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At this month’s WWDC, Apple unveiled refined accessibility tools

…for all the focus on refinement, there also is a cavalcade of new stuff to be excited about. As it pertains to accessibility, some obvious highlights for me are the 10.5” iPad Pro and the corresponding iPad-centric enhancements in iOS 11. I’m also psyched for smaller niceties too, such as the ability to automatically enter Reader View in Safari on iOS and macOS. I use this mode all the time; it makes reading on the web a much more pleasant—and accessible!—experience. Reader View is one of my favorite and most-used tools on both iOS and the Mac.

Apple announced a boatload of stuff at WWDC, and it’s quite a task to process it all and ruminate on what it means. With this sentiment in mind, here are my three biggest takeaways around accessibility and the conference that matter most.

 

Curated by (Lifekludger)
Read full article at Source: At this month’s WWDC, Apple unveiled refined accessibility tools | TechCrunch

Accessibility features in macOS and iOS that everyone should try

iphone mac pixabayIf you’re someone who doesn’t have any specific reasons to go there, you may have never explored the Accessibility settings on your Mac, iPhone, or iPad. While it’s true that those settings are there primarily for people who have special physical needs to modify how a device’s interface works, the fact is, many people who don’t consider themselves in need of any sort of accommodation can find something of value in these settings.

Accessibility has become a place where Apple buries some specific, nitpicky details about how its devices behave–and that’s why you should take a stroll through those settings sometime just to see if they solve problems you didn’t even realize were solvable. Here are some of my favorites:

Curated by (Lifekludger)
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How a Smart Home Empowers People with Disabilities

While advances in personal technology continue at a rapid pace, at times their designers seem to forget about the population that could perhaps benefit from it the most. Stabelfeldt says just the ability to charge a phone with a wheelchair didn’t even exist until a few years ago.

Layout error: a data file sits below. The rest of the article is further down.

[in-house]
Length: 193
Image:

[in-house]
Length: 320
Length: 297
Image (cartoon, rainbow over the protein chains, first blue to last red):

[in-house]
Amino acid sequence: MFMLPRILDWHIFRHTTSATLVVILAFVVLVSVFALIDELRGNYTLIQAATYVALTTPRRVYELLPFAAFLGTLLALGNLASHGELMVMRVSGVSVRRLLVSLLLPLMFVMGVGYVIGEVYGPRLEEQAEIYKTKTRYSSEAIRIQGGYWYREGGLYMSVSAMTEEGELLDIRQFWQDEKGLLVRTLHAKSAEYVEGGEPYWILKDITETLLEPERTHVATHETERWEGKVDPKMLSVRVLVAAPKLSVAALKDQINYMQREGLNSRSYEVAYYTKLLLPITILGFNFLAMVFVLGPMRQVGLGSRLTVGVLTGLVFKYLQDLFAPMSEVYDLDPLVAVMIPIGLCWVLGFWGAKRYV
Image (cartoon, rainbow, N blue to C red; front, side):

But features like Apple’s “Home” app allow Stabelfeldt to control a variety of smart accessories in his house — from door locks and window shades, to lights and his garage door. The best part for Stabelfeldt? He can command Apple’s intelligent digital assistant Siri to work it all.


A Game Changer
“We put a lot of time and effort into making sure our products are as accessible as possible for all users,” said Apple’s Sarah Herrlinger. She has worked at Apple for nearly 14 years and is their Senior Manager of accessibility policy and initiatives.

“For some people, doing something like turning on your lights or opening a blind or changing your thermostat might be seen as a convenience, but for others, that represents empowerment, and independence, and dignity,” she told NBC News.

“HomeKit and Switch Control and Siri have given me a lot of value and a lot of opportunities to demonstrate that I’m a quality man and I’m a man of integrity,” Todd Stabelfeldt. “To get up every day and go to work: Everybody’s valuable, everybody has worth, everybody should have the opportunity to demonstrate it.”

Designing for Accessibility: The Ultimate in UX


Designing for users with a broad range of abilities can bring challenges. But, before you start thinking “Great, more stuff to limit my rockstar designs” — recognize this: Smart designs aren’t created to impress your peers. Smart designs (and smart designers!) use design elements like color, placement, and interaction in very intentional ways to help site visitors accomplish their goals — while giving the user the most enjoyable experience possible.

So how do you create impressive, accessible designs? These 6 tips will help you create accessible designs that meet the minimum standards of Section 508 and Web Content Accessibility Guidelines 2.0.

1 . Start with Wireframes

Now you might be thinking “Duh! This is obvious.” But how often do you consider accessibility at this step? Designing for accessibility means considering all users from the start.

Curated by (Lifekludger)
Read full article at Source: Designing for Accessibility: The Ultimate in UX

Microsoft Accessibility Feedback: Hot (133 ideas) – Customer Feedback for Microsoft Accessibility

Microsoft Accessibility Feedback Welcome to Microsoft’s Accessibility Feedback forum. We are very interested in learning more about what products, features, and tools will delight our customers. Please share your ideas with us and remember to vote for ideas posted by others that you also think are great. If you accidentally came here in need of technical support, please reach out to our Microsoft Disability Answer Desk team

Curated by (Lifekludger)
Read full article at Source: Microsoft Accessibility Feedback: Hot (133 ideas) – Customer Feedback for Microsoft Accessibility